Goodreads’ incredibly short synopsis says: “In reality, Hiro Protagonist delivers pizza for Uncle Enzo’s CosoNostra Pizza Inc., but in the Metaverse he’s a warrior prince. Plunging headlong into the enigma of a new computer virus that’s striking down hackers everywhere, he races along the neon-lit streets on a search-and-destroy mission for the shadowy virtual villain threatening to bring about infocalypse.”
Fellow Pajibans recommended this to me during the last Cannonball, when I related my disappointment with The Flame Alphabet (tie-in: language epidemics.) It was very interesting to read this book so shortly after Ready Player One, because both deal with immersion in virtual realities. I enjoyed having Cline’s version in recent memory as I read Snow Crash, which, as a predecessor to Ready Player One and a sci-fi/cyberpunk classic in its own right, almost certainly had a huge influence on Cline’s work.
I really enjoyed Snow Crash. There is a lot about it that is kind of silly and fantastical, even for sci-fi, including a basically made-up version of neurolinguistics and quite a bit of would-be futuristic jargon. It’s a tough line to toe, when you’re writing near-future sci-fi, that you run the risk of dating yourself when you invent new terminology and describe specifics about plausible but not currently existing technologies. How much of what you describe actually comes to pass or still ring true? Tech and gadgetry are so ubiquitous that nearly every reader of a book like this will have some kind of experience with it; compare that to other popular sci-fi themes like bioengineering or space travel, where there are a lot fewer ‘experts’ that can critique the realism of the book. All of that is to say that one of the cyberpunk genre’s main themes focuses on common technologies and what possibilities can be extrapolated from that tech in the future, and because so many of us are familiar with that technology, it makes it very easy to nitpick areas where books like Snow Crash diverge from either current or probable reality.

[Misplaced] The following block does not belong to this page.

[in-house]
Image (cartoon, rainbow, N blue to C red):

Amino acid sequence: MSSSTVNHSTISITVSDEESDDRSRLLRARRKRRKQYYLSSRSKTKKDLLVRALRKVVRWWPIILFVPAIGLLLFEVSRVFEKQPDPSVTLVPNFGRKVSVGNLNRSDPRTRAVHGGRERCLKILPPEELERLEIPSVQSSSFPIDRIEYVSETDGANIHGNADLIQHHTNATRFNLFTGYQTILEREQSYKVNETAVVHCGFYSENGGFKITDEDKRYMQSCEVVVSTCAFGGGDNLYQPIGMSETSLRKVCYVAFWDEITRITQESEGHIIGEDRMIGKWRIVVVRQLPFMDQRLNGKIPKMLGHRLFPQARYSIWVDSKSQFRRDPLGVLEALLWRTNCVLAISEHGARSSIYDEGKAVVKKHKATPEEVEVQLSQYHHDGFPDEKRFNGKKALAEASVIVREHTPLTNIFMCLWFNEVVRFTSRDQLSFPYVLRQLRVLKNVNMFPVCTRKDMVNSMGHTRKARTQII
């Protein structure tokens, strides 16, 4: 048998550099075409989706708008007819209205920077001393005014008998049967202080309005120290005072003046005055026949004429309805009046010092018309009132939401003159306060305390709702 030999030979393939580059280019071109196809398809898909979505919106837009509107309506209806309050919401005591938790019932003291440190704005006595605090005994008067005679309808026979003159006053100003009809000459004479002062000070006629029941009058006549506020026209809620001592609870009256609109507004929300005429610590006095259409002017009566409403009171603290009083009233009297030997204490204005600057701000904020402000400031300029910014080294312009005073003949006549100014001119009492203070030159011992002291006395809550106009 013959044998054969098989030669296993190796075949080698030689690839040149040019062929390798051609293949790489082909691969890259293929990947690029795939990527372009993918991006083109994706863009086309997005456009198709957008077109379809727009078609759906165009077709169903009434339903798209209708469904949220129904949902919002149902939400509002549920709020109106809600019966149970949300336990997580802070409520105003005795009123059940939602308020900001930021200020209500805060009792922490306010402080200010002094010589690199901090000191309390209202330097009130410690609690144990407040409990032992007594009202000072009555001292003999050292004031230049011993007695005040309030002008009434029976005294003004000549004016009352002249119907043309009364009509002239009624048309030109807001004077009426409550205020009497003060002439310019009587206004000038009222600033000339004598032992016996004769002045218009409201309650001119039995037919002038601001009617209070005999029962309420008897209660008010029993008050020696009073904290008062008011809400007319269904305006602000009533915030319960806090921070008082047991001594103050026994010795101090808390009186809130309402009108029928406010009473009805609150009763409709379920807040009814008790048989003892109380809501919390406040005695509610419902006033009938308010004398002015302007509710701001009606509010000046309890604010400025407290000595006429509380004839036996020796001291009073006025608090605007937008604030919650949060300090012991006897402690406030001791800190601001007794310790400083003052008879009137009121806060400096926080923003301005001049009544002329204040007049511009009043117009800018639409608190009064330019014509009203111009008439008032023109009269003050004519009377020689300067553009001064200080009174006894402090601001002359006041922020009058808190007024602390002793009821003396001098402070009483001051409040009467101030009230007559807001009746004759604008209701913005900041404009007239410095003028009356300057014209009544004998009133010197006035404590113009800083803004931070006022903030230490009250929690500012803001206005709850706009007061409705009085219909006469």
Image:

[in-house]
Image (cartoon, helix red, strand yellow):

If you’re not especially concerned with your sci-fi being at least somewhat grounded in science and fact, then those types of incongruities will matter very little. For its part, I think Snow Crash constructed a pretty believable virtual reality in the Metaverse, but I found the tie-ins with Sumerian myth to be a little fantastical and ambitious, particularly given the somewhat haphazard explanation of neurolinguistics that bears only a passing resemblance to the actual academic field. That aside, I really enjoyed the scope and execution of the story. The pacing was a little frenetic, but I wasn’t too bothered by it as it heightened the tension and served to underline the hectic nature of life and society itself in the world of the book. The protagonists were not much more developed than avatars in a video game, but particularly given the emphasis on virtual reality, it almost seems appropriate that the reader does experience the book in that video game sense. It’s probably not a book for everyone, but as an overall fan of sci-fi (with piqued interest in cyberpunk as of late) I liked it a lot.